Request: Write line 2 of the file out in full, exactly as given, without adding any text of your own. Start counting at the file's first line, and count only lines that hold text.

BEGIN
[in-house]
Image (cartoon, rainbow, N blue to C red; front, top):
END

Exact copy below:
Image (cartoon, rainbow, N blue to C red; front, top):